Irvington Commemorates Mr. Buum


Irvington Saga

Coach Buum was one of the first teachers at Irvington and taught from 1962 to 1990.

Andrew Fu, Staff Writer

On Jan. 22, the Fremont Memorial Chapel held a memorial in honor of Mr. Bob Buum, Irvington’s respected track and field coach. Mr. Buum retired in 1990 after having taught in Irvington for almost thirty years and and passed away on January 2018. Buum came to Irvington in 1962 and was one of the first teachers. He helped to start the school and taught Industrial Arts along with cross country and track and field.

Michelle Stone, Irvington’s athletic director, praised Mr. Buum for all his hardwork and dedication in thirty years of teaching.

“I think he was just a really great guy,” Ms. Stone said. “He was one of those hardcore teachers that wouldn’t let you get away with things, but then [would] also give you a hug if you needed a hug.”

The “Buum” course was created by Mr. Buum early in Irvington’s history, though changes were made to the course over time. It was originally referred to as the “Two Mile Run” but was named the “Buum” after Mr. Buum retired in 1990.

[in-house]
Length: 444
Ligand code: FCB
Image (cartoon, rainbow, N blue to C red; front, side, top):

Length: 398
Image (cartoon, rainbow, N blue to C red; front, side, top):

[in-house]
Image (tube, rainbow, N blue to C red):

Recently, 9th and 10th grade Irvington PE students signed the Buum pole to commemorate the coach and his contribution to the school. A picture of the students standing against the pole was sent to Buum’s family.

While coaching track and field, Mr. Buum created a unique Irvington tradition. Whenever a track student would break a record, the coach’s wife would bake a chocolate cake to celebrate. Coach Stone continues that tradition in remembrance of Mr. Buum.

Mr. Strout, a PE teacher, remembers the early 90s where he met Mr. Buum. Mr. Buum had retired before Strout came to Irvington, but as Buum’s house was right across Irvington’s baseball field, the former coach visited the school in the mornings.
“He used to walk his dog around the track for about fifteen, twenty years,” Mr. Strout said. “He always said hi and was always friendly and nice.”

While Mr. Strout never worked with Buum, he admired the former coach’s dedication to his students.

“His legendary work ethic for creating the Buum, pushing kids to do their best, [and] always walking and exercising himself made him a positive role model,” said Mr. Strout.

In addition, his students looked up to him and admired his direct, down to earth attitude. Ms. Gomez, who went to Irvington during Buum’s teaching days, praised Buum as being a “fun guy” who never made the last person feel last. While she did not have Mr. Buum as a teacher, she remembers that he was strict but very compassionate and that she could genuinely feel his love towards his students.

“The other teachers loved him because Mr. Buum was very straightforward— you knew what you were going to get,” Mr. Strout said. “He was very consistent and treated everyone fairly and with respect. I believe all those teachers, because I respect them and I [myself] have great respect for Coach Buum.”